After that, you’ll simply fill out some basic info about your video – name, description, tags (keywords) and you’re done! You’ll want to include a link back to your site in the description, but I’ll talk more about that in the bonus tip below.

Bonus Tip: Create a Connect Section In Your Description

Did you know you can have as many links as you want in your description? It’s one of the things that makes YouTube so attractive as a marketing and connecting tool. All you need to do is begin your links with http:// to be “clickable.”

So here’s the tip: In the description of each YouTube video, you could create a “connect” section. This section would include links to each of your social profiles like Twitter, Facebook, Linked In, Pinterest, and even to your YouTube channel itself! This simple strategy just creates more ways for your users to connect to you and your brand which is why we create these videos in the first place, right?

clickable_link2

So if you didn’t know how to make a video on YouTube before reading this, you do now. And I sincerely hope that you aren’t as overwhelmed by the whole process either. At any rate, I’d certainly love for you to send me a link to your video once you’ve created it! You can tell me about it in the comments, send it to me via the contact page on this site or tweet it to me @TravisSaid. Can’t wait to see what you’ve created!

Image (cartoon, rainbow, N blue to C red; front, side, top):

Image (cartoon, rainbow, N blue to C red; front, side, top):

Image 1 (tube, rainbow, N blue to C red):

Hybrid Connect Error : Connector could not be found

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3 Responses to “How To Make A Video On YouTube In Three Easy Steps”

  • Tom & Nancy Rozof

    Hi Travis,

    Nancy asked me to come into the living room and to look at something She was on her computer and watching your recent YouTube video. So we watched it together. Great job!
    We love the name of your new company also. You are a NATURAL when it comes to being in front of a camera.

    Good luck on your new venture…as we are sure you will do well.

    Tom & Nancy

    • Thanks Tom and Nancy! It’s been an adventure for sure! Lots more to come I hope!

  • Linda

    Hi Travis,

    Thank you so much for posting this info. It is so helpful! I’m just starting to learn how to make a video and want to include slides from Keynote. I would have clicked “like” but the little icon wasn’t there.

    I agree with Tom and Nancy who said you’re a natural in front of the camera.

    Your help is much appreciated!